Expect the Best, but prepare for the Worst

Are banks buying politicians in an effort to keep an unfair privilege?
(See contributions to Jeb Bush and Hillary Clinton)  Too many voters have their heads like ostriches in the sand.

money in 2016Seeing their darling on the left (Hillary) hit the skids and their favorite on the right (Jeb Bush) in sad decline, the reaction of the banking industry reminds me of a cat I once had.
She was placid, until one morning some dogs backed her into a corner. Then she lost it.

You only have to watch some of the Club for Growth negative ads to wonder if they have lost it.  Don’t they realize they are on the wrong side of history. 2016 is the year when the negative ads finally stop working. This 2016 electorate wants positive, STRONG solutions.

Now this cat, she bit and clawed and screeched and pounced and even although we saved her, she was never the same again.  She was irascible, unpredictable and mean. Possibly this had been her basic personality all along.

So the big question is, are the banking elites frightened that their unfair privilege is about to come to an end? Is this becoming a vital factor in Election 2016? Are the statists and now the conservative elites (crony capitalists)  frightened because they can’t buy Trump?  

There is a situation here that the next President will have to face, and it is going to take a very strong man (Trump or Cruz) to bring us through.

Hello! It is finally time to face the facts of this economy. 

No, it is not all doom and gloom, it is a situation that can still be fixed but only if we choose wisely in the next election. 

In a nutshell here is the situation:  In spite of a bottomless pit of FED money creation, the debt is unsustainable; the “created” income inequality is finally being seen and understood by voters and they are resenting the injustice.. Stop gap measures to settle out the protest  like food stamps are only making matters worse.  Past efforts by the banksters to pin the blame elsewhere are no longer working. On Twitter and Facebook we learn that with the crash of 2008, only the immediate danger was handled but ethics and correction and reorganization NEVER WENT IN. All the money printed by the FED to bail out the banks, and to “stimulate the economy” didn’t go to the people; it went right back to the banks. The biggest danger: derivatives  could be the next bubble to pop and make life mighty hard on main street.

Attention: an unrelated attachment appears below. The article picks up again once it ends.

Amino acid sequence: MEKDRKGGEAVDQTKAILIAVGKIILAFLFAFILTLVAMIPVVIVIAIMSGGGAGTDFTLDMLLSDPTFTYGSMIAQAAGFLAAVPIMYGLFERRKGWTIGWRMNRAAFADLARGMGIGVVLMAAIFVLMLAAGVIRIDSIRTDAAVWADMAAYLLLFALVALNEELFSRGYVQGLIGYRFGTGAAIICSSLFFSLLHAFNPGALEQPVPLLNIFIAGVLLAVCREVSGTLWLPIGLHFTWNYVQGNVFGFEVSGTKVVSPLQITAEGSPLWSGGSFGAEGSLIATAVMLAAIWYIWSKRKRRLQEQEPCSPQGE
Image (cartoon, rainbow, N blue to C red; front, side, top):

inijustrice

We are going to have to wake up and realize that we need a STRONG and good president!. Please read the following:

” As my fellow Heritage colleague Norbert Michel and other scholars have thoroughly documented, the crash of 2008 was caused by government policies and regulatory failure, including easy money policies that flooded the markets with debt. Within a decade, these policies led to preposterous mortgage loans being issued, and massive over-leverage of government, companies, and households.

Now the Fed, the White House, and Congress are recreating the very same conditions for another financial bubble. If it pops, we could replay the same devastating effects as occurred during the first bubble in 1999 and 2000.

It is doing so in four ways:
First, the Dodd-Frank regulations are exacerbating one of the greatest consolidations of the banking industry since the Great Depression. Those indispensable small banks, like the one Jimmy Stewart operated in the movie “It’s a Wonderful Life,” are disappearing from the American landscape.

This is largely because big government policies are slanting the system in favor of big banks. Because of this, we have created a competitive advantage that allows the sharks to swallow the minnows. Meanwhile, the “too big to fail” safety net to Bank of America, Citi, and other titans exacerbates this cost advantage of big banks and thus makes bailouts even more likely in the future.

Second, Fannie Mae and Freddie Mac are engaged in the same low down payment lending mania of 2004-07, and the Obama administration is on a Bush-like homeownership push. Fannie and Freddie are again guaranteeing mortgages with as little as 3 percent down payment. Have we learned nothing at all?

Third, the Fed refused to tighten its stance in September, and, hello, that easy money policy is how we got into the mess in 2000 and then in 2008. Wall Street cheered Janet Yellen’s decision to keep the cheap dollars flowing.

sliding banks

Finally, there is the saturation of debt. When the crisis hit in 2008, the national debt stood at a little under $10 trillion. Now we are over $18 trillion. Government is hopelessly over-leveraged, and the interest rate exposure is enormous. With each one-percentage-point rise in long-term rates, the servicing costs of the debt rises by about $1.8 trillion over ten years.

Fannie and Freddie are again guaranteeing mortgages with as little as 3 percent down payment. Have we learned nothing at all?

The point is that government and politicians have no learning curve. All of the conditions of financial wreckage are reappearing. The presidential candidates should start warning voters that Washington is rebuilding another financial house of cards”

As Published in the Daily Bell – A Heritage Foundation Publication.

COMMENTARY BY

Portrait of Stephen Moore

Stephen Moore, who formerly wrote on the economy and public policy for The Wall Street Journal, is a distinguished visiting fellow for the Project for Economic Growth at The Heritage Foundation.

 Quote for the week

In choosing a president, we really don’t choose a Republican or Democrat, a conservative or liberal. We choose a leader.

Rudy Giuliani